Community

Adult Day Health Center hits 25 years

With all the negative news and budget cutting, Northshore Senior Center Director Lee Harper decided it was time to celebrate the accomplishments of the Bothell institution.

“We thought it would be a good time to say, ‘We’ve provided service for 25 years and we will be providing service for another 25 years,’” said Judy Pirone, director of the center’s adult day health program.

“So pretty quickly, we decided to throw a party,” she added.

Slated for 5-7 p.m. May 28 at the Northshore Adult Day Health Center (10212 E. Riverside Drive, Bothell), that party will mark a quarter century of adult day health offerings in Bothell and in surrounding communities, including Kenmore and Woodinville.

Harper added the evening also will include a salute to those who recently helped the Senior Center replace five vehicles in its aging mini-bus fleet.

Pirone and Harper said the May 28 celebration will feature appetizers, wine and raffles. Volunteers from the Bothell High football team will act as servers for the evening.

As she talks about the event, Pirone shows off a scrapbook with pictures that include some of the original program volunteers from the early 1980s. Appropriately enough, some of those volunteers will be at the anniversary event. A couple of speakers will give brief presentations about the program’s early days, which started in Kenmore’s Epiphany Lutheran Church. The program next moved to the former Bothell Senior Center, the Lytle House.

In 2002, the Northshore Parks and Recreation Service Area floated a successful bond issue before voters that led to the construction of the existing service complex on East Riverside Drive in Bothell. The center opened its doors in 2005 and serves the three cities that make up the Northshore Parks Service Area, namely Bothell, Kenmore and Woodinville. Harper added that vote clearly is part of the reason Northshore will carry on with adult day health despite some drastic revenue cuts.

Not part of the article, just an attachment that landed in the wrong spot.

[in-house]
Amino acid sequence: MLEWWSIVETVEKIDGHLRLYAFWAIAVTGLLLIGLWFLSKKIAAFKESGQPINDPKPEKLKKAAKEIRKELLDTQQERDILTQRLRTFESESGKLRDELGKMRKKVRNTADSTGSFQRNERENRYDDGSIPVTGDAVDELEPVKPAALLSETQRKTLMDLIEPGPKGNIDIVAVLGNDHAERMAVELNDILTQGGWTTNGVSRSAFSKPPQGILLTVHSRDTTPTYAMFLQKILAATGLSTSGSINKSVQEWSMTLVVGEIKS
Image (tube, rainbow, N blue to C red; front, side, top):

“The community chose to have this by taxing themselves,” she said.

“We’re still going to be here,” Pirone added at one point. “It’s so needed.”

Adult day health programs provide medical care from staff nurses, physical rehabilitation, meals and activities, all designed, in the words of program officials, to get senior citizens and disabled persons moving again. One goal of the program is to keep participants out of nursing homes or other extended-care facilities.

All in all, Harper has said that starting in July or possibly early June, the adult day health program will lose 72 percent of its funding due to state budget cuts. Next year, the center also will suffer the end of $100,000 in King County funding, bringing the total revenue loss to approximately $1 million. The state sliced all dollars for transportation to adult day health programs.

Although going forward, some participants just won’t be able to take advantage of Northshore’s adult day health offerings. Harper has several times said the program will continue, even if it will look considerably different.

Transportation Manager Jim Seeks said the new buses arrived courtesy of a federal grant that paid for 80 percent of their total cost of about $59,000 each. The center was required to come up with the remaining 20 percent of the money and did so through donations.

Since the buses won’t be picking up adult day health participants, Seeks and center leaders are looking for other ways to put them to use. In the future, they’ll be taking seniors to medical appointments or on shopping trips to Canyon Park or the Alderwood Mall.

“We’re in an area where there’s not a lot of other (transportation) service providers out there,” Seeks said. “That’s one of the things we’ve been doing for years — providing service where there isn’t any.”

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